Leila Scandrani, RN, monitors the chemotherapy Josh receives.
Markey nurse Leila Scandrani, RN, monitors the immunotherapy Josh receives that boosts his immune system to fight the cancer.

“Every time I come in,” said Josh, “I’m surrounded by positive people. There is joy in the room. It really lifts me up.”

His mother agrees. “I can’t imagine Josh being treated anywhere else. They made us feel like family. Dr. Evers gave us his cell number and told us to call at any time.” It’s something he does for all of his patients.

The Markey culture is to do everything possible to make patients and their families feel comfortable, said Deb O’Nan, RN, who cared for Josh during his immunotherapy treatment. “We love our patients and we do what we can to reassure them. We work to make this a warm environment. And I always let them know that I may not have the answers, but I know how to find them.”

For Leila Scandrani, RN, seeing a young, active patient like Josh hits home. “That could be my brother, my family,” she said. “Josh is always kind, humble and appreciative. Most of our patients are. It’s the little things we can do, like explaining the plan for their treatment that day, talking to them about their interests, pulling the shades if the room is too bright, that make a difference.”

Back to the game

Throughout his treatment, Josh continued to work out and went through intensive rehabilitation. The entire Markey team was thrilled when he returned to the game on November 17, 2018, where he made a tackle that contributed to the team’s win against Middle Tennessee.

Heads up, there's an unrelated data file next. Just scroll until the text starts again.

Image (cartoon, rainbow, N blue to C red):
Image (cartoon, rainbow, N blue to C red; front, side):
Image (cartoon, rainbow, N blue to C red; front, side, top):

“I was yelling and screaming and jumping,” Martin said. “And when he came in the next time and I told him I saw that hit, he just grinned.”

Josh also played in the last regular season game and in the Citrus Bowl win against Penn State. The Wildcats ended the season 10-3, their best record since 1977.

The football player invited Evers to join his family at UK’s annual CATSPY Awards, where UK athletes are recognized for their achievements. Josh won the Heart of a Wildcat award.

“It was very special,” said Evers, another season ticket holder. “With any cancer diagnosis, we remain hyper vigilant. But with his support, his strong faith, his hard work, and the help of our amazing group at Markey, cancer is just going to be one chapter in the book of Josh Paschal.”

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This content was produced by UK HealthCare Brand Strategy.